I lived in China and the Philippines (also Japan, but this isn't a problem there, obviously), ate street food all the time, ate in dodgy-looking places, and never got sick. In China, we boiled all our water for drinking and brushing teeth, and didn't eat raw vegetables and fruits that couldn't be peeled. We applied the same strategies in other developing nations we travelled to. However, I understand this had changed and it is now safe to eat lettuces and what-not in China. It wasn't then. With a little bit of caution and a lot of adventursome spirit, you should be fine.

Interestingly, the only time I ever got food poisoning - a bad, BAD case of food poisioning ultimately resulting in an IV to get fluids in me - was from Domino's pizza. After all the street food I'd been eating for years in numerous developing countries, the one time I got sick was from an American chain. Go figure.

-Sounds awfully rich!

-It is! That's why I serve it with ice cream to cut the sweetness!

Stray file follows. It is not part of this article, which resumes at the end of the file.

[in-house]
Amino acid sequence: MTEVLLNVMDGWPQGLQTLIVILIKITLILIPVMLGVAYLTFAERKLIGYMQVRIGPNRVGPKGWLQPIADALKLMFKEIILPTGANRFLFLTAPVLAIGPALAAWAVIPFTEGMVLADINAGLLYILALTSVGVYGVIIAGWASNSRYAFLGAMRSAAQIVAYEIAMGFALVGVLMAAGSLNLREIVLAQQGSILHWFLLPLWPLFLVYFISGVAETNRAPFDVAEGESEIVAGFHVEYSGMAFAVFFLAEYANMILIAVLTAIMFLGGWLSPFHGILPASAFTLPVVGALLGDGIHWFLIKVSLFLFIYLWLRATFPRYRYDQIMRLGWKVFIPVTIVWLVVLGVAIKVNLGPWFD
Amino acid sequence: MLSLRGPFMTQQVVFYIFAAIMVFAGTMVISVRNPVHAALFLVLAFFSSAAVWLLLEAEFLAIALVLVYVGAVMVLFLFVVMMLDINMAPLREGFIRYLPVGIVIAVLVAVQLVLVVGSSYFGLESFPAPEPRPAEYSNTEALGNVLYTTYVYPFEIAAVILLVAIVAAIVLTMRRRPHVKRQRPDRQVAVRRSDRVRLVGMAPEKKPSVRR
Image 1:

Link to post
Share on other sites
I'm curious about this as well. Bourdain eats just about anything in No Reservations with no ill effects for the most part. Is it just a matter of diving in, getting Montezuma's Revenge once, then having a primed system that can handle the local cuisine?

We're not sure if Bourdain takes any precautions in the way of antibiotics or antiparasitic meds before traveling. It is well known that the more careful we are in protecting ourselves from germs to weaker our immune systems can become.

Link to post
Share on other sites

This is an interesting topic. I am traveling soon to Thailand and Vietnam and have been very curious about this whole subject. One of the things I am most excited about is indulging in the street food and local food markets, however I have never traveled in this part of the world and am curious how I will fare. I do not have a sensitive stomach, but again, it has never experienced that corner of the globe and may not know what the hell hit it. Something like Pho, in Vietnam seems like it would be fairly harmless given that it is all cooked, however, I wonder about adding the fresh herbs that accompany it (and are so good)

I seem to recall one instance in Bourdain's original show where he did suffer from some ill effects while in Asia, not certain where, he may have also mentioned it in his book.

Link to post